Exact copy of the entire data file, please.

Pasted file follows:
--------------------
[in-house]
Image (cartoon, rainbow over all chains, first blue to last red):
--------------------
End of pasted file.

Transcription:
[in-house]
Image (cartoon, rainbow over all chains, first blue to last red):